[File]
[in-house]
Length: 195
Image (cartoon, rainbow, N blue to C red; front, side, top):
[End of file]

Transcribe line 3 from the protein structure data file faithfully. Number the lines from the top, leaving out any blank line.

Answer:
Image (cartoon, rainbow, N blue to C red; front, side, top):